Let me be honest here: while I’m grateful that I get to attend New York Fashion Week and that I’ve have had some amazing experiences at the presentations in my three years of attending, I can also say that I have never been rocked in the way that you might imagine fashion shows during fashion week rocking you. A few designers here and there make me go “ooh” and “ahh.” Sure. But the repeated lack of Black designers and Black models on the runway magically overshadow the flashing lights, loud music and fashion that I too often can’t afford.

But something happened yesterday at the Art Beam studio, where Tracy Reese, who was once the head of the women’s portfolio for Perry Ellis, showed her spring 2015 presentation.

I had a priority standing seat behind the A section, in other words, I got to peep all the Black celebs and notables awaiting what was already seeming like an interesting twist to the normal fashion runway. There was no real “runway”, because people were seated in each corner of the room, as well as in the middle of the stage. The lighting was desert-like, and there was a DJ booth tucked in the back.

The lights got really dim, and then, all of a sudden ballet dancers, sprung from the audience, breaking into a beautiful number. The music intertwined classical instrumentals and Bobby Smurda’s Hot N*gga (yes, I was tempted to hit the Smurda dance for a second), and then drastically melted into a Jersey house “Drunk in Love” mix.

It was captivating. But don’t take my word for it, watch the video below.


Anyway, while that was the opening moment that made everyone shut up, sit down and pay attention—the clothes, the models, and the inspiration is what overwhelmed me. Pure silence befell the room, well except for Andre Leon Talley’s “Yassss!”, that he shouted after pretty much every model that passed him. The thing is, we know Tracy. We know her talent. We’ve seen her pieces on Michelle Obama and major celebrities. We expect that everyone loves her. But this was something that no one expected.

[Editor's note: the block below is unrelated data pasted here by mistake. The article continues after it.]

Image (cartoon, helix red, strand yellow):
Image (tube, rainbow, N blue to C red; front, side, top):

This time her clothes showered us with the odd coupling of grunge, edge and femininity. She mastered textures and prints, per usual, yet threw boldly colored curved balls, just when you thought you knew where she was headed. And of course, there was brown model after brown model, after brown model.

Go off, Tracy.

By mid show, all I kept thinking to myself was, “I’m so, so proud of Tracy Reese. I’m so glad she’s a Black woman.”

There it was. For NYFW14, it would be a Black woman to give the most mesmerizingly beautiful fashion moment that, dare I say, no one in fashion will ever forget. I left wanting to work harder and do better.

This show felt like it was for us. For all the brown girls who’ve dreamed of excellence, especially in a world where we’ve been taught we don’t belong. And for that, all I can say is thank you, Tracy. You let the world of fashion know that Black girls really, freaking rock.

Check out our favorite moments from her spring 2015 show here.

-Melanie Yvette Martin